Flying the black, white and red Reichsflagge (the Nazi flag of 1933-35 sans swastika, the go-to flag of choice for German neo-Nazis as it's not illegal in Germany) were members of a German neo-Nazi group who once asked the city of Dortmund’s mayor to give them the addresses of all Jewish people in the city (she refused).
Members of Hungary’s 64 Counties Youth Movement (HVIM) were also there, a "xenophobic and anti-Semitic organization" whose official newspaper once urged Hungarians to "take back our country" from the Jews who were "sucking on our blood."
As they marched, the black-shirted men, booming through bullhorns, led them in a series of call-and-response chants. They ran frantically up and down the column, screaming into their bullhorns.
"Hristo Lukov - our General!"
"Bulgaria, wake up!"
"All Communists - to court, to court, to court!"
Incidentally, one of Lukov’s assassins, Communist partisan Violeta Yakova, was Jewish. It’s something the Lukov March organizers really like to point out.
The marchers seemed a bit sluggish with their chants, and it might have been because they were partying too hard the night before. With help from international neo-Nazi network Blood and Honor, the organizers invited a former member of Russian white power band Kolovrat to play Friday night.
Don’t know any of Kolovrat’s songs, like "Our Symbol – Swastika," or "Nazi Ska?" That last one features lyrics like "We hate the Jewboy, yeah."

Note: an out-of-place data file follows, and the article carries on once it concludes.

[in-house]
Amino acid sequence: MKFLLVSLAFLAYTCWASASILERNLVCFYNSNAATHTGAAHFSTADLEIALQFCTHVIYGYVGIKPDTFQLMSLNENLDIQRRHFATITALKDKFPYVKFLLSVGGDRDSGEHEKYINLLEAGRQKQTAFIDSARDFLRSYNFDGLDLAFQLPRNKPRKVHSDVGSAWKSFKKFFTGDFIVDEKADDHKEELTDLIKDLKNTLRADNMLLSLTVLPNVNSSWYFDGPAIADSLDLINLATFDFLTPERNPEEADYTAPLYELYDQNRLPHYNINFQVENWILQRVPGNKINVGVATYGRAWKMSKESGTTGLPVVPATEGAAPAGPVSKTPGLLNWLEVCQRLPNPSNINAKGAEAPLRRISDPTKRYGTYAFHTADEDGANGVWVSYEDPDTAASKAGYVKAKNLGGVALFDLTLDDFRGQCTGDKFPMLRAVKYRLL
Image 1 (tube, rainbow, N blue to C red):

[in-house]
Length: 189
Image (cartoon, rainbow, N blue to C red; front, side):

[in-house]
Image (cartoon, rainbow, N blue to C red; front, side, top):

These men - and they are mostly men - will meet again. A quick glance through their websites shows they regularly meet up on each other’s turf. Many of them will likely be hanging out in Poland for a concert on April 20 - Hitler’s birthday. It’ll be organized by groups with ties to Blood and Honor, just like in Sofia.
But these groups won’t ever have much mass appeal. While some media reports estimated that up to 1,000 marchers attended this weekend’s Lukov March, I’d say it couldn’t have been more than 500, with maybe half of the marchers from outside Bulgaria.
Regardless, it was nowhere near the 1,500 to 2,000 the organizers were hoping for – and a fraction of the numbers of participants other far-right, nationalist marches have mustered across eastern Europe recently.
The fact that very few Bulgarians have time for this kind of extremism should be seen as a silver lining in what often seem like dark clouds in this part of the world.
But that’s no reason to be complacent. These guys don’t need mass public support, in Bulgaria or beyond. And they’re not interested in democratic debate or playing by the rules.
They’re interested in pushing the bar past what’s acceptable in a liberal democratic society. They’re interested in violence. They’re interested in intimidation. They’re interested in making not just Jews, but everyone from Muslims and Roma to LGBT people and refugees, feel unsafe in the streets.
And a torchlit march through a European capital - one that’s currently hosting the rotating presidency of the Council of the European Union, no less - is everything they want.
Michael Colborne is a Canadian freelance journalist who covers central and eastern Europe for Haaretz, Coda Story, Foreign Policy and others